Wednesday, March 5, 2014

Meet YA Author Nicola J McDonagh

Carpinello's Writing Pages welcomes Nicola J McDonagh author of the YA novel Echoes from the Lost Ones.

First, a bit about Nicola:

I am a creative writing tutor, photographer, and published author. I trained as a photojournalist many years ago and have an Honours Degree in Drama and English Literature. I used to be an actor/director and scriptwriter, but gave it all up when I moved to Suffolk and fell in love with the scenery. I live in a 17thCentury timber-framed cottage in Suffolk UK with my husband and many feral/rescued cats.

After gaining a Creative Writing Diploma, I entered and won the Suffolk Book League’s Short Story Competition 2011. The next year I was short-listed for the Escalator Genre Fiction Competition. This gave me the confidence to complete my manuscript, which came into being during a writing class, I teach at the local High School. Two of the girls that attend challenged me to write a dystopian young adult novel, and The Song of Forgetfulness series was born.

I try to write something every day, even if it’s only a few hundred words. Most of the time I do a lot more and often complete a chapter or two. At the moment I am editing the second book in the series and dipping in and out of the third one.

Why did you pick to write books for YA?

I spend a lot of time working with young people in an arts based capacity and I listen to what they say about the books that they read. I decided to write for YA because I felt that I could create a story that would appeal to that age group, incorporating issues that aren’t always addressed in fiction of this genre. I wanted to make the character very real to the reader and decided to let her do normal things, such as go to the toilet and have a menstrual cycle. These were some of the issues that the young people I work with felt were lacking in YA books.

What types of books do you like to read?

I enjoy reading some YA novels such as Unwind by Neal Shusterman and the Chaos Walking
series by  Patrick Ness. I also enjoy science fiction, particularly Ray Bradbury, Theodore Sturgeon and Ursula la Guin. I also like the classics: Dickens, Bronte sisters, and Thomas Hardy. Also I enjoy more surrealistic works: Gunter Grass The Tin Drum, Street of Crocodiles by Bruno Schulz, Heart of A  Dog by Mikhail Bulgakov, At Swim Two Birds by Flann O’Brien. I think Conrad and Nabokov are  two of my favourite authors. I enjoy humor too: Jeeves and Wooster series by PG Wodehouse and A Confederacy of Dunces by John Kennedy Toole. I have a particular fondness for the short stories of Annie Proulx, Flannery O Connor, and always go back to Sylvia Plath’ s poetry.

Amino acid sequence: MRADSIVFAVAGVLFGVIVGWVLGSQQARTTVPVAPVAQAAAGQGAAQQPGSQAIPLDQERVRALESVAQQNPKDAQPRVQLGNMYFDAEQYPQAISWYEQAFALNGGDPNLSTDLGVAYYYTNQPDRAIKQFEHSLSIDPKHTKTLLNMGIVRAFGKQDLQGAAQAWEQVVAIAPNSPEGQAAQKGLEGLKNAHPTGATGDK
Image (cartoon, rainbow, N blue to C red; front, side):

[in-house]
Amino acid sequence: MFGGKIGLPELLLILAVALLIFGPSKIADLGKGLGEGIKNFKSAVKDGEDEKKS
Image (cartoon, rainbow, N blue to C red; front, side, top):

When you are not writing, what do you like to do?

When I’m not writing, I’m taking photographs, or making sun photos. I love to experiment with photographic techniques and can often be seen gyrating around a darkened room with a camera and a torch making my ‘painting with light’ images. I also love to cook and grow some of my own vegetables. I enjoy sitting in the summerhouse and watching nature run amok in my back garden. Sometimes my husband and I go for bicycle rides around the country lanes. I feed and pamper a number of rescue cats and relax by watching a good movie or HBO series with my husband. At the moment I am learning to play the flute and the piano accordion.

Tell us about Echoes from the Lost Ones and how the story came to be.

Echoes from the Lost Ones is a Sci-Fi dystopian novel with a difference. I use a slang-based language to create a future world and to give my characters an individual personality. The book came about due to a challenge from some pupils that attend a creative writing group I teach at my local High School. They asked me to write something for their age group that included subject matters that they were concerned about, such as global warming, disease, and cloning. Also the fact that characters never seem to go to the toilet. After discussing what they liked to read and what they felt was lacking in most YA books, I came up with the idea for The Song of Forgetfulness. After researching about technological advances such as 3D printing, super strong-lightweight materials, and invisible cloth, I came up with several ideas for inclusion in the book. Adara’s invisible super lightweight Synthbag and self replicating Sterichoc, to name a few.